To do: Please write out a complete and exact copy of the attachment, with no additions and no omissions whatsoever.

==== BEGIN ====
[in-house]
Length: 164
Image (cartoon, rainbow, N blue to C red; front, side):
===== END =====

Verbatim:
[in-house]
Length: 164
Image (cartoon, rainbow, N blue to C red; front, side):